Continue reading Spain Protects Endangered Mako Sharks

21
Dec
2020

After fisheries officials fail, environmental obligations offer hope for 2021 landings crack down

Brussels. December 21, 2020. Conservationists are closing the year with hope for endangered North Atlantic shortfin mako sharks as EU level decisions point to unprecedented 2021 limits for some of the world’s top mako fishing countries, particularly Spain and Portugal. Just after the European Commission blocked an international North Atlantic ban and proposed excessive EU mako quotas, EU Member State scientists reviewing mako obligations under the Convention on International Trade in Endangered Species (CITES) have issued an opinion that points to EU Member States banning North Atlantic shortfin mako imports, including those introduced from the high seas by EU fishing vessels.

Continue reading Overdue EU Action Sets Up Endangered Mako Sharks for New Year’s Reprieve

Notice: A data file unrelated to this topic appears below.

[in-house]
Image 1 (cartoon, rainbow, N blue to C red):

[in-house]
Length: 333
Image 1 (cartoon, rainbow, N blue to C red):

14
Dec
2020

Available in French and Spanish.

North Atlantic ban championed by Canada, Senegal, and the UK thwarted in virtual ICCAT meeting

London, UK. December 14th, 2020. Conservationists are outraged that the European Union and the United States – despite long promoting science-based shark conservation – once again served as the main obstacles to urgently needed protections for mako sharks through annual negotiations of the International Commission for the Conservation of Atlantic Tunas (ICCAT). Canada, Senegal, and – in their first official act as an independent ICCAT Party — the United Kingdom proposed a ban on retention of seriously overfished North Atlantic shortfin makos, as ICCAT scientists have long advised. The proposal earned support from Taiwan and Gabon. The EU and US, however, refused to give up on exceptions for continuing to land the endangered species. As a result, this year’s mako negotiations end with no new conservation measures. The next opportunity for Atlantic-wide action is July 2021 through a special intersessional meeting. ICCAT scientists estimate this population could take five decades to recover, even if fishing were to stop immediately. Lack of consensus allows unsustainable fishing on this shared population to continue.

Continue reading EU and US Block Vital Protections for Endangered Mako Sharks